Notified body audits during the pandemic: New MDCG guidance

Regulatory NewsRegulatory News | 08 April 2020 |  By 

The Medical Device Coordination Group (MDCG) on Wednesday issued guidance to help notified bodies perform audits during the pandemic, including, under certain circumstances, remote audits.

The 5-page guidance deals strictly with surveillance audits under the medical devices directives, audits conducted for recertification purposes under the directives, in cases where a manufacturer submits a change notification to a notified body that would typically require an on-site audit or verification and in cases where a manufacturer terminates (voluntarily or involuntarily) its contract with a notified body and enters into a contract with another notified body.

The guidance opens the possibility for not only postponing onsite surveillance audits under the directives but replacing them with remote audits as long as both the notified body and manufacturer can ensure information and data remain secure.

“For remote audits, both the notified body and the manufacturer must have the required information and communication technologies or tools available and established (e.g. web conferences with document sharing, use of web cams for audits of production lines). Confidentiality of intellectual property aspects shall be safeguarded. Notified bodies should clearly document and communicate any such requirements for their audits with their auditees, along with the required documentation to be shared before and within such audits,” the guidance says.

Notified body audit reports also should clearly indicate that the audit was conducted remotely and the audits should cover all surveillance tasks that can be verified remotely, including an off-site review of all documents that would normally be assessed onsite, the MDCG says.

“Subsequent to a successful remote audit a notified body may re-issue the certification with the condition that such audits should be followed up by an on-site verification audit at the next available opportunity to verify the elements that could not be assessed remotely (the timeline for the on-site verification audit should be justified by the notified body). At the request of the notified body, the manufacturer may provide the notified body with records (e.g. product release documentation) on an ongoing or regular basis. If the re-certification remote audit is unsuccessful, the certification should be suspended or should expire as appropriate,” the guidance adds.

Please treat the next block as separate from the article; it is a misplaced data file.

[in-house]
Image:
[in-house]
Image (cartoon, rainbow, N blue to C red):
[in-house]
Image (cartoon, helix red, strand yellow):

The MDCG also mentions that notified bodies should account for existing recent results from audits under the Medical Device Single Audit Program (MDSAP) “in lieu of Directive audits, where available,” and they should “consider published international guidance such as those issued by the International Accreditation Forum (IAF) e.g. on how to use information and communication technologies and for alternative auditing methods in extraordinary circumstances.”

But the guidance notes that it may not be appropriate to use these temporary measures for manufacturers with “a history of a high number and/or critical non-compliances related to production/operational control.”

The MDCG also says the guidance does not apply to unannounced audits or to special audits which require onsite assessment, such as the verification of implementation of specific corrective actions which can only be assessed onsite.

In general, the guidance says that initial certification audits or audits to extend the scope of certification under the directives should not be performed using these temporary extraordinary measures.

“However, notified bodies may apply these extraordinary measures on a case-by-case basis for such audits in cases where devices are considered relevant to ensure medical care, especially if clinically necessary during the period of COVID-19 restrictions,” the guidance says.

Guidance on temporary extraordinary measures related to medical device Notified Body audits during COVID-19 quarantine orders and travel restrictions


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